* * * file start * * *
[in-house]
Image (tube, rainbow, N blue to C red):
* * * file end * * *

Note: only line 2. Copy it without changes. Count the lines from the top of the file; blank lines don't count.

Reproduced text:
Image (tube, rainbow, N blue to C red):